Devesh Narayanan (National University of Singapore) and Zhi Ming Tan (Cornell) have posted “Attitudinal Tensions in the Joint Pursuit of Explainable and Trusted AI” on SSRN. Here is the abstract:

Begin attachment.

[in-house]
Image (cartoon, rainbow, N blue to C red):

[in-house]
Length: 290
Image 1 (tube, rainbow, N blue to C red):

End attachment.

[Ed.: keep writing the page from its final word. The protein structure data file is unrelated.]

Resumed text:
It is frequently demanded that AI-based Decision Support Tools (AI-DSTs) ought to be both explainable to, and trusted by, those who use them. The joint pursuit of these two principles is ordinarily believed to be uncontroversial. In fact, a common view is that AI systems should be made explainable so that they can be trusted, and in turn, accepted by decision-makers. However, the moral scope of these two principles extends far beyond this particular instrumental connection. This paper argues that if we were to account for the rich and diverse moral reasons that ground the call for explainable AI, and fully consider what it means to “trust” AI in a full-blooded sense of the term, we would uncover a deep and persistent tension between the two principles. For explainable AI to usefully serve the pursuit of normatively desirable goals, decision-makers must carefully monitor and critically reflect on the content of an AI-DST’s explanation. This entails a deliberative attitude. Conversely, the call for full-blooded trust in AI-DSTs implies the disposition to put questions about their reliability out of mind. This entails an unquestioning attitude. As such, the joint pursuit of explainable and trusted AI calls on decision-makers to simultaneously adopt incompatible attitudes towards their AI-DST, which leads to an intractable implementation gap. We analyze this gap and explore its broader implications: suggesting that we may need alternate theoretical conceptualizations of what explainability and trust entail, and/or alternate decision-making arrangements that separate the requirements for trust and deliberation to different parties.